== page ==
The plot of ordinary people becoming giants or dwarves after gaining superpowers is one of the common episodes in many fairy tales and cartoons.
In fact, the Ames room is a room distorted to deceive the human eye.
But for some children and even adults, the enlargement or reduction of objects in the environment or the body is not new, and torments people in many different ways.
Sometimes they will feel that the object or part of the body in front of them suddenly gets bigger or smaller, or is slowly moving away from you. It also sometimes creates the illusion of time passing and noisy sounds.
This is like the hallucination that many people experience when they have colds and fevers.
In fact, it could also be a neuropsychiatric disorder that causes distortions in perception, what we now call “Alice in Wonderland Syndrome (AIWS)”.
Nervous syndrome and fantasy of the fairy world
That’s right, Alice in Wonderland, adapted from the children’s literature of the same name published in 1865.
In the story, Alice dreamed that she was dropped into a strange world with a white rabbit. In this world, taking a sip of water, your body is shrunk to the size of a mouse; Eat a piece of cake, you will become a giant… from there open exciting adventures.
In the film, Alice, who becomes smaller, enters the fantasy world through the rabbit hole.
Many people have fantasized about being able to enter a magical wonderland like Alice. Some have even spent years trying to build a similar garden.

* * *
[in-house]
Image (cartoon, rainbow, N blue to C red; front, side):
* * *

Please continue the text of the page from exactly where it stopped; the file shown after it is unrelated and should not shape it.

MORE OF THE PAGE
For those with Alice in Wonderland Syndrome, that “Wonderland” has no castles and smiling flowers, no weird twins and March rabbits, it’s just that everything just isn’t the right size. usual size.
Discovered strange neurological syndrome
It’s hard to imagine a dangerous disease hiding behind such a beautiful name.
A patient once described an illness, they felt the tip of their tongue swell like a buffalo’s tongue, the wall in the room became far away, and finally there was only a small white square floating in the distance. distant. When he looked at the book in his hand, he saw that the words on the book had been greatly enlarged.
British neurologist, John Todd, named the disease “Alice in Wonderland Syndrome” in an article published in the Canadian Medical Association Journal in 1955.
The five adults and one teenager Todd mentioned in the article all experienced hallucinations of unreasonable changes in the body or the external environment. Some people recall “my body being locked in an enclosed space”.
In fact, Todd’s inspiration for the name came from the patient, who coined the term while quoting a 1952 article by Caro W. Lippman.
Lippman recorded the “hallucinations” of seven patients. The first patient said she felt “about 30cm tall” when she looked at herself in the mirror.
Patient 6 said: “My head was like a balloon and I was exhausted from pulling it down from the ceiling.”
In addition, two other patients sometimes felt their bodies become shorter and wider.
One of the patients called this sensation “tweedledum or tweedledee-like sensation”.
Tweedledum and Tweedledee.